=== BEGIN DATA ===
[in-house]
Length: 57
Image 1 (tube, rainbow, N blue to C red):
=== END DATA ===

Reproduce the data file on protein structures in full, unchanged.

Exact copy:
[in-house]
Length: 57
Image 1 (tube, rainbow, N blue to C red):